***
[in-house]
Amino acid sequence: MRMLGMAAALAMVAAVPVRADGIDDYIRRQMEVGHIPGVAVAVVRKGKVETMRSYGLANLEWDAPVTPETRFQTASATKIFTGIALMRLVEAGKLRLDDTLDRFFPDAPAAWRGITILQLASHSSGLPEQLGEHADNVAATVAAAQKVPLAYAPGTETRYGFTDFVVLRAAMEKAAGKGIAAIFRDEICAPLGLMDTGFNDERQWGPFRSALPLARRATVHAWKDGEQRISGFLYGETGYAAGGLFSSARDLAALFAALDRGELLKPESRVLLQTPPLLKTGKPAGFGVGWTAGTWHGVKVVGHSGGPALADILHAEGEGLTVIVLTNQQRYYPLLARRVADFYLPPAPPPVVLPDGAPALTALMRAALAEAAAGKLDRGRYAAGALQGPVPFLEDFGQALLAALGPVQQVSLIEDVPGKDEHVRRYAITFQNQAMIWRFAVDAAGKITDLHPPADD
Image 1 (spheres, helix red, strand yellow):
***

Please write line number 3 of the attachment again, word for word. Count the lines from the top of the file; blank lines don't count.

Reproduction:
Image 1 (spheres, helix red, strand yellow):